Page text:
Games People Play: Norman Thelwell, 75, artist

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The Independent Culture
THERE WERE lots of games in the street. I think it was the fact that there simply wasn't the traffic that there is now. We played with the other children in the street. Thinking about it now, it's difficult to remember how many games there were. There was no particular rough stuff that people objected to, except that we played ball games against end- of-terrace houses, and the dear old ladies would come out and say, "I've had enough. Do you mind banging it against someone else's wall?"

When it got dark, you had to close your eyes and count to a hundred, while the other children scattered up and down the street and hid in what were laughingly known as gardens. These were the little patches in front of the windows, and if you climbed in, someone usually had to pull you out again.

We'd also tie door-knockers together. We'd say: "Charlie's father is good because he gets mad as hell, and comes and chases us." So we would wait until it was dark, and tie the end of a reel of cotton to the knocker on Charlie's door. Then we'd walk to the opposite side of the road, and tap the door by pulling the string. The door would open, but they wouldn't be able to see anything, because the streets were not lit as they are today. The thing was not to giggle, and the only one who was really frightened was Charlie, because if we'd been caught, he'd have got his head cuffed.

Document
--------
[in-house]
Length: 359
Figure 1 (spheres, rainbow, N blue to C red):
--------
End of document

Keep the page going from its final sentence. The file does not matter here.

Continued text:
Eventually Charlie's father would come out and look up and down the street, and say something that he shouldn't say to children - "You little buggers" - and we would disappear into the darkness.

Thelwell's `The Brat-race', his well known cartoons of small children and horses, is published in paperback by Methuen, price pounds 6.99

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